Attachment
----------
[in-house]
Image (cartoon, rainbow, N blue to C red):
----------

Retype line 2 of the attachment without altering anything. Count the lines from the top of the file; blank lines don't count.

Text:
Image (cartoon, rainbow, N blue to C red):